While scientists have known for several years that our body's internal clock helps regulate many biological processes, researchers have found that the reverse is also true: Many common biological processes – including insulin metabolism – regulate the clock, according to a new study by investigators at the University of Pennsylvania School of Medicine, the Genomics Institute of the Novartis Research Foundation, and the University of California at San Diego.
The new data, published online in Cell this week, suggest that someday physicians may be able to use small molecules that inhibit or stimulate these biological processes in order to influence a person's clock when it gets out of sync due to jetlag or shift work, and to devise new ways to treat metabolic disorders that are intimately tied to the body's daily cycles.
Using a genome-wide screen, the investigators found that reducing expression of any one of hundreds of genes could substantially alter the length of the circadian cycle, which controls the 24-hour sleep/wake cycle. The clock-influencing genes are involved in a large number of biological processes, but the researchers found that components of insulin metabolism, folate metabolism, and the cell cycle were overrepresented in the gene screen, suggesting that these pathways are closely linked to the clock.
"Clock biologists all appreciated that the communication went one direction – from the clock to biological processes – but I don't think anyone anticipated that there would be this level of integration with cell metabolism and the cell cycle, or all these other pathways impinging on clock function," says John Hogenesch, PhD, Associate Professor of Pharmacology in the Institute for Translational Medicine and Therapeutics at Penn. Hogenesch is a co-senior author on the paper with Steve Kay, Dean of the Division of Biological Sciences at UCSD. "There were some hints this might occur for some genes, but not to this extent."
The idea that biological processes might have feedback systems with the circadian clock makes some sense to Hogenesch. For example, he points to the influence of insulin metabolism, saying "If your energy requirements aren't being met, instead of spending a lot of energy on a cell division, a cell might necessarily delay it. It is the same strategy we use when we are not ready to do something, we delay. Maybe procrastination is an evolutionary cellular strategy enabled by the clock to confront situations where resources are limited."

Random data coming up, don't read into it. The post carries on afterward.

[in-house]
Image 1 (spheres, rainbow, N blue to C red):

While biologists regularly draw molecular pathways as if they are distinct from one another, they know the reality is much different. "This is a good example showing how dozens of pathways are functionally interconnected with clock function and vice versa," Hogenesch says. "It is important to remember that when you start to change function with a drug, for example, that the perturbation can have unanticipated consequence. Sometimes these consequences are good, but sometimes not."
Hogenesch stresses that while the new experiments show a feedback loop between biological processes and the clock in individual cells in culture, it is not yet clear how feedback systems work in the whole organism. Currently the team is working on biochemical and genetic experiments to answer that question.
In addition to publishing the data in the journal, the investigators have displayed the data on the BioGPS open-access searchable database (http://biogps.gnf.org). The circadian genome-wide screen data can be found at http://biogps.gnf.org/circadian/ and are linked to expression data from Penn, gene function data at Wikipedia and the National Center for Biotechnology Information (NCBI), as well as gene structure information from the University of California at Santa Cruz.
Hogenesch, who helped develop the website when he worked at the Genomics Institute of the Novartis Research Foundation in San Diego, said the site relies on web 2.0 technology and is very simple to use and customize. He and his colleagues built the site because many researchers want to do large database searches but are not computer scientists or informatics specialists. "Andy Su [of Novartis] and I decided to develop a site that even my mom could use, and pitched at the 90% of biologists who want to use something but don't have the skill sets. We decided to build something that would allow them to take advantage of large datasets such as this one."
Co-first authors on the paper are Eric E. Zhang and Tsuyoshi Hirota of the Genomics Institute of the Novartis Research Foundation, and UCSD, and Andrew C. Liu, of the Genomics Institute of the Novartis Research Foundation and the University of Memphis, Tenn. Other authors on the paper include Loren J. Miraglia, Genevieve Welch, Xianzhong Liu, Jon W. Huss III, Jeff Janes, and Andrew I. Su of the Genomics Institute of the Novartis Research Foundation, and Pagkapol Y. Pongsawakul, Ann Atwood, and Steve A. Kay of UCSD.